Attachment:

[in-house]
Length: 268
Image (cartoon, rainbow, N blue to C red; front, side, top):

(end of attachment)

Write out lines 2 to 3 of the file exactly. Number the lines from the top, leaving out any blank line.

Length: 268
Image (cartoon, rainbow, N blue to C red; front, side, top):